Mitsubishi Lancer Evolution MR
by Stephen Walker
4th January, 2008
One of the world's most highly prized automotive nameplates is Mitsubishi Lancer Evolution. Known simply as "Evo" by
many enthusiasts, it has been impressing drivers and would be drivers since its inception in the early 1990s when the
2 litre DOHC turbocharged engine from the all-wheel drive Mitsubishi Galant VR-4 was popped into the Lancer. Well used
to rally success, over a long period of time, Mitsubishi was able to put the Lancer Evo where it belonged ..... first!
The highly successful formula that saw the powerful all-wheel drive Lancer Evolution gain admiration amongst car
enthusiasts was making a positive mark on history. Subsequent Evolution models came along at regular intervals, although
usually in limited numbers. However, the Evo wasn't a regular model for Australian buyers until Evolution IX came along in
late August 2005 following its homologation for our market.
Evo IX impressed the Next Car team so much that in 2006 it was named as Next Car's Top Drive for 2006.
The motoring thrills delivered by the Evo IX were compelling for any motoring enthusiast. For example, the Next
Car team quickly discovered that the Evo propels itself fast! And the grip was best compared to the tarmac itself.
That is, the grip of the Evo seemed better than the grip that the bitumen had on the surface of planet Earth! The
exhaust note was enthralling and the image projected by this car was unmatched. The Evo IX was, now, well and truly part
of the regular line-up of Lancer models.
And yes, indeed, the Mitsubishi Lancer Evolution had secured itself quite a reputation ..... right from day one!
With newly designed 'regular' Lancer models successfully competing in the world's new car showrooms, the release of the
Evo X was eagerly anticipated. And scheduled for regular production, due to the immense success of its predecessors, car
enthusiasts considered the new Evo even more exciting than past renditions of the famous car.
But with the recent local release of the new Evolution, Mitsubishi's little get-up-and-go machine has dropped its
numbering system. That's because the model is definitely integrated within the Lancer line-up now. Although enthusiasts
will always refer to the new Evo by its reference to the evolution of the Evolution. This one is number ten, or if you
do as the Romans do, then it will be a "X" in Evo terms.
Evo X comes to Australia in two versions. There is the 'base' version, known simply as Lancer Evolution, which
is priced from $59,490 (RRP). It features a 5 speed manual transmission as standard, although a dual clutch automatic
is optional. An additional version, known as Lancer Evolution MR (with dual clutch auto as standard), is priced
from $71,690 (RRP) and it is the top-of-the-line.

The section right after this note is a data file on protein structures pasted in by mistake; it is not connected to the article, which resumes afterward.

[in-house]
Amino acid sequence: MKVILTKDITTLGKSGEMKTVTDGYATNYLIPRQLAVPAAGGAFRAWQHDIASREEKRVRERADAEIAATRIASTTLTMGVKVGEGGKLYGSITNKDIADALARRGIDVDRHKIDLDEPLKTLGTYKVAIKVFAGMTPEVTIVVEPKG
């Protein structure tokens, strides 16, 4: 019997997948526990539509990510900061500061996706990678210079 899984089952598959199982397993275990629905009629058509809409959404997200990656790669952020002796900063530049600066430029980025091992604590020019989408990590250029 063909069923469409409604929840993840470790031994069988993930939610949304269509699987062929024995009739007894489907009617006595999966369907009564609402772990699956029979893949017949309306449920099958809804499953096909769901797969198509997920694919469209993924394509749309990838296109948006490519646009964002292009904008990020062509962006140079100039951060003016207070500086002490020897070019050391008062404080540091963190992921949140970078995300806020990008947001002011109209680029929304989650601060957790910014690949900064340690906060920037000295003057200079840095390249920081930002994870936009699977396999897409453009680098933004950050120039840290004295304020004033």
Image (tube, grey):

It's this top model, the Lancer Evolution MR, which we test in suburban Melbourne on this occasion.
Covering a quick 282 kms we discovered that our drive was short, rather than fast. But our strictly suburban drive
was made appealing because of what we have come to expect from a Mitsubishi Evo ..... the stick like glue ride (which is
quite firm), the rocket like acceleration (it's faster than the NSW government dropping infrastructure development), the
aggressive appearance and the extraordinary reputation that is the Evo's heritage.
Mitsubishi claim that the new Evo has "blistering" performance. Being 'street based', we do not do time trials. We
prefer to report on driveability as it relates to motoring for real people on real roads. But we can confirm that
Mitsubishi's claim about the performance is not really a claim ..... it is a distinct fact! And Evo drivers wouldn't want
it any other way.
Power comes from an inter-cooled and turbo-charged 2.0-litre DOHC in-line four cylinder motor which features a
reinforced cast-aluminium cylinder block. An extraordinary 217 kW of power (at 6,500 rpm) and a massive 366 Nm of torque
(at 3,500 rpm) are the statistical highlights.
Yet make no mistake, the Mitsubishi Lancer Evolution MR is not perfect. For example there is a 'tinny' effect with the
closing of the doors (not good on a car costing over $70,000), no self-locking doors, no auto "up" for the power windows
(in fact there is no auto "down" for any window other than the driver's window) and the optional satellite navigation is
not so user-friendly for first time users. The turning circle is larger than expected, but we must consider this is an
all-wheel drive performance car (not a nimble city commuter car). The only other potential 'misdemeanour' was that we
considered that the centre console armrest was set back a little too far (especially for short drivers).
But the attraction of the Evo X is performance. And that's performance with a capital "P". On the road, the accelerator
pedal demonstrates that excessive power is readily available. Delight is felt as you promptly determine that you'll never
need this type of power in the city.
You'll never walk alone when you drive an Evo. There will always be friends standing by in appreciation of your
motoring choice. That's because the Mitsubishi Lancer Evolution 'stands alone' amongst performance cars!
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